Persons, places and things: A transformative experience


By Barb Arland-Fye

Standing in line with other RAGBRAI bicyclists waiting to use a porta potty, I overheard a Minnesotan vow to erase from her memory the myth that Iowa has no hills! I thought to myself, “Amen, sister!”

From left, Pat Arland, Barb Arland-Fye and Tim Arland pose in Davenport after completing RAGBRAI July 28.

Organizers of the Register’s Annual Great Bicycle Ride Across Iowa prepared a route guaranteed to work our quadriceps and hamstrings on hills that looked to me like mountains disguised as steep backroads. Could I really climb these hills for seven days in a row? Yes, I reminded myself as I watched bicyclists —almost antlike from a distance — climb those hills ahead of me. I could do this with God’s help.

Since the start of the year, I prayed daily to be able to complete all 428 miles of RAGBRAI 2018 with our Pedaling to the Peripheries team organized by Jim Tiedje and led by Bishop Thomas Zinkula. Two of my brothers, Tim and Pat Arland, took time away from their work and families to help me achieve this bucket list goal. My husband, Steve, volunteered as part of the support crew that loaded and unloaded our baggage, snacks and beverages in Onawa, Denison, Jefferson, Ames, Newton, Sigourney, Iowa City and Davenport. No small task when you consider the logistics and traffic jams created by trailers, trucks and buses moving the belongings of more than 10,000 nomads on this RAGBRAI journey.


We became family, our 20-member team of bicyclists and support crew. We riders headed off each day on our bicycles, returning later in the day to our designated gathering place — parish centers or family homes. We snacked, chatted, showered, celebrated Mass, ate dinner together (most nights) and enjoyed the Mardi Gras-like atmosphere of each town’s RAGBRAI celebration.

Occasionally, I got discouraged watching the other cyclists in our group fly down the hills and pedal confidently back up. Tim reminded me, it’s not a race. You have to make it your ride. Three months after completing chemotherapy, I could cut myself some slack! Tim and Pat continued to keep an eye on me throughout the ride, seeming to appear out of nowhere on their bikes, just when I needed encouragement. Definitely a little reminder from God, “I’ve got your back.”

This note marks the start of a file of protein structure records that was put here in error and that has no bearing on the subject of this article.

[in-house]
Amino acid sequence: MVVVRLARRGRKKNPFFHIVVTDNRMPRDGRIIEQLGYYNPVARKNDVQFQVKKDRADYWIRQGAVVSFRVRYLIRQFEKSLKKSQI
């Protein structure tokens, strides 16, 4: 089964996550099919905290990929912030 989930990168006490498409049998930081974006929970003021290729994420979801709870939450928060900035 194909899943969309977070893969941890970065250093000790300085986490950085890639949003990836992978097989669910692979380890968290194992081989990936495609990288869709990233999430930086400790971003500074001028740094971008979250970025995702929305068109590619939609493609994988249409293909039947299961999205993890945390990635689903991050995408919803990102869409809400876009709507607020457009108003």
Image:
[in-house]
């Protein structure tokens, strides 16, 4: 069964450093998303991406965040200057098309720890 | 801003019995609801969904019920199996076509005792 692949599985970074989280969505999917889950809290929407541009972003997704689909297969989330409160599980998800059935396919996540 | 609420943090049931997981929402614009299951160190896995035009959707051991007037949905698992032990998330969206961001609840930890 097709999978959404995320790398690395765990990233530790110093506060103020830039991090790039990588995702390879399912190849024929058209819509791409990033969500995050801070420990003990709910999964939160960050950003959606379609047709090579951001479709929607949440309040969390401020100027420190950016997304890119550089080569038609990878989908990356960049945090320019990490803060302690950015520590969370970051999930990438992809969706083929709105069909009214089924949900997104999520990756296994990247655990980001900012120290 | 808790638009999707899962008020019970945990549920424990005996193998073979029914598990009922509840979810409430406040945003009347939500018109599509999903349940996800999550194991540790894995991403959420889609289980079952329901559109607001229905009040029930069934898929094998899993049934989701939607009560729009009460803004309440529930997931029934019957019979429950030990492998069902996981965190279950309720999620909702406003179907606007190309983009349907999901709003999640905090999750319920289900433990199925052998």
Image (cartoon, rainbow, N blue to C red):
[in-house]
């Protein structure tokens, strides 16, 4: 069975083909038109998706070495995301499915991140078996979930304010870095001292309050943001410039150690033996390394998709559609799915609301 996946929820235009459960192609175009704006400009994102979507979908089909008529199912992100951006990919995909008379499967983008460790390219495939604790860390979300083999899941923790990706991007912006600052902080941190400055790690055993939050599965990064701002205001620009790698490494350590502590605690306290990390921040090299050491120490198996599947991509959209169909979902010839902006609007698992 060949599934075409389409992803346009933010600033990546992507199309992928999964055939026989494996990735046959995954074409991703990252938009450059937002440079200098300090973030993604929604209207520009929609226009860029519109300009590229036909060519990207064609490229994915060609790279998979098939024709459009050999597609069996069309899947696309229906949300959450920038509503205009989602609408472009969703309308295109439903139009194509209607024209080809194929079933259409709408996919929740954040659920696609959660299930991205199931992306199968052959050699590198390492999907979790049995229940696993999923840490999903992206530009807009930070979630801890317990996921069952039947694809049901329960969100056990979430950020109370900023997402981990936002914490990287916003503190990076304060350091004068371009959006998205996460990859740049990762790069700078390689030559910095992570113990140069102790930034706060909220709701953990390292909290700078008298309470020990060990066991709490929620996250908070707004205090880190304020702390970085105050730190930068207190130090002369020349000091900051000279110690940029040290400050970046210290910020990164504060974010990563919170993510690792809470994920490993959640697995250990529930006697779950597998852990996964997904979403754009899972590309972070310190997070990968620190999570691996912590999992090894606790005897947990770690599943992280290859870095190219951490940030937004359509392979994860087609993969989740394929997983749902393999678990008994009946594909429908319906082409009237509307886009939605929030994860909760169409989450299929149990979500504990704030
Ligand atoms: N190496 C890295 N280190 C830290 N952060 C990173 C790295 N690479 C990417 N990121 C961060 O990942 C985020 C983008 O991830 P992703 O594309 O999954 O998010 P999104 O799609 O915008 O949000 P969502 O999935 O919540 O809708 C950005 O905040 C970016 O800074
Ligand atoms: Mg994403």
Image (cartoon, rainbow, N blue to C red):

Al, Kathy Jo and Jim also encouraged me with their sense of humor and total commitment to the “experience” of RAGBRAI. They stopped with me for peanut butter and jelly sandwiches at roadside stands and I occasionally joined them at the popular Iowa craft beer tents, even though I don’t drink beer. We ate lunch in towns jam-packed with bicycles, riders and vendors, and enjoyed each other’s company, met new people and kept the cares of the world outside of RAGBRAI.

As the week progressed, I accepted if not embraced the hills! I enjoyed quiet time with God, viewing the undulating landscape of green farmland set against a backdrop of bright blue skies and white puffy clouds.

On our final day, Tim and Pat stayed close by me for the last 20 miles or so to RAGBRAI’s finish in Davenport. I felt exhausted but exhilarated to have completed the ride. After expressing my gratitude to them, Tim texted me: “The bishop helped us understand that helping someone else achieve a bucket list goal can be very rewarding and he was correct. I really enjoyed our journey together!”

One evening at Mass, during the Prayer of the Faithful, Bishop Zinkula prayed that RAGBRAI would be a transformative experience for each of us. It was for me. I learned to climb hills, physically and mentally.

(Editor Barb Arland-Fye can be reached at

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